“Digitisation of press and media has multiplied the number of voices and platforms, but new threats have also emerged. Online censorship, surveillance and blocking of access to information are widespread.

“In our globally connected world decisions in one place have effects in the other, so if we work together we can protect freedom of the press and digital freedom worldwide.

German MEP Barbara Lochbihler, who chairs parliament’s human rights subcommittee, also spoke about the difficulties in maintaining press freedom.

She said, “On world press freedom day we should remember that pressure on journalists around the world remains high, not least due to the fact that many of them are also defenders of human rights and justice by being at the forefront of revealing misdoings, notably in countries where fundamental rights are violated.”

“Much still needs to be done but most importantly journalists need to be protected from physical and psychological harm, intimidation and unfair judicial proceedings.”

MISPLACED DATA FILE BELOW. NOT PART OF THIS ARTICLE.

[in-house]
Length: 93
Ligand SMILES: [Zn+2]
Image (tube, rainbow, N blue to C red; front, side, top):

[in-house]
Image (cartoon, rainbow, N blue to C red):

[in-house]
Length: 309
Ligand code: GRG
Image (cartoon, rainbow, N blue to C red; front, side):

The Greens deputy continued, “Governments need to be continuously reminded of their duty to respect and uphold the right of freedom of expression and the EU needs a more structured approach to mainstream this right in all its external actions and to promote local capacity-building for an independent media landscape.”

Meanwhile, Angela Mills Wade, executive director of the European publishing council, said, “Press freedom is vital for democracy and is an essential vehicle for freedom of expression.

“This freedom is not something we can take for granted. As we see in Hungary, even in Europe there is a regime intent on limiting freedom of expression and freedom of the press”.

“But not only do we fight against political threats but also economic ones; ensuring that the media is commercially viable is extremely important. It is essential that the media, traditional and new, are able to build sustainable business models to fund quality, authoritative and diverse content,” she added.

 

Written for theparliament.com